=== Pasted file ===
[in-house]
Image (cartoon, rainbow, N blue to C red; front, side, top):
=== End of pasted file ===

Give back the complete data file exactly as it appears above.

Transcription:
[in-house]
Image (cartoon, rainbow, N blue to C red; front, side, top):